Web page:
Master Your Overhead Press With The Foam Roller
Dr. Joel Seedman, Ph.D.
As many of you know I’m a huge fan of the foam roller but not for the purpose of foam rolling or soft tissue work. In fact I use it exclusively to modify exercises and make them more effective or challenging. If you’re unfamiliar with the chest presses, glute bridges, pullovers, squats, inverted rows, planks, lunges, knuckle pushups, and more I’ve written about, and how to apply the foam roller method to them, check out my website as I have numerous articles on these.
With that said, I’ve recently found that strategically applying the foam roller to overhead pressing variations not only increases the difficulty of the movement but also helps enhance mechanics and clean upper overhead pressing technique.
Here are several advantages of using the foam roller for overhead presses as I demonstrate in the video.
1. The overhead press while seated on a foam roller is actually a more low-back friendly variation of the popular Z-press. While I’m a huge fan of the Z-press, the compact torso angle and extreme hip flexion position can periodically cause low back and hip discomfort in some populations. Sitting on the foam roller helps to resolve this due to the less extreme hip flexion angle. Here's what the traditional Z-press looks like as demonstrated by one of my NFL athletes Bryce Jones.
2. One of the most common problems on overhead presses is learning how to position your center of gravity throughout while also producing optimal t-spine extension. This often creates issues where the individual is either overly upright (not enough t-spine extension) which places excessive tension on the glenohumeral joint and rotator cuff or the individual overly extends at their lumbar spine (leaning back too much) thereby placing undue stress on their low back. Performing overhead presses while seated on the foam roller helps to resolve this issue.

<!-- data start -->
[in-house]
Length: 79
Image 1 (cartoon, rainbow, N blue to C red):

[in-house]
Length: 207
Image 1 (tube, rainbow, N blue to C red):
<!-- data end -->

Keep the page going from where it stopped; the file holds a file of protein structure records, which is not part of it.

Essentially if you’re too upright or are too extended you’ll feel like you’re going to roll off the foam roller and lose control of your body position. Simply put it teaches you to find the perfect balance of torso placement, t-spine extension, and spinal positioning. While sitting on a stability ball can produce a similar effect, the foam roller is even more sensitive to anteroposterior deviations in weight distribution and body shifting which further helps teach proper pressing mechanics. With that said I highly recommend using a spotter when performing these to ensure you don’t slip off the foam roller.
3. Learning to brace your core and recruit your abdominal musculature during overhead presses is critical not only for maximizing motor control and overall load but also for minimizing stress to the low back. The overhead press while seated on a foam roller helps cue the lifter to recruit their abs as a means of stabilizing the load and their body.
4. This is a surprisingly intense overhead press that requires precise levels of motor control and muscle activation from head to toe. As a result the shoulders, upper back, triceps, and core get pummeled. However the lifter will be able to use substantially lighter loads relative to other presses to produce this effect. Simply put this is a very suitable overhead pressing variation for individuals with shoulder injuries due to the intense levels of activation yet reduced loading parameters.
The seated foam roller press can be performed by placing the roller on a bench as demonstrated by one of my NFL athletes Larry Pinkard.
Similar to the floor variation this also helps improve torso and spinal positioning on overhead presses. For individuals who find it awkward to sit on the floor due to the more extreme levels of hip flexion, this one can feel a bit more natural. Just be prepared to brace your core like crazy as the level of motor control and overall stability required to dial these in is quite intense.
It’s also a great way to warmup your overhead press for your heavy shoulder days as it helps groove the proper neural pathways required for precise overhead presses and military pressing variations. Don’t be surprised if your shoulders feel unusually scorched after these as the lifter will be required to use smooth and controlled form resulting in greater constant tension and metabolic stress to the targeted musculature. With this in mind it’s also a great finisher for your delts.
The foam roller overhead press can be combined with multiple variations including overhead barbell presses, kettlebell presses, bottoms up variations, single arm presses, and more.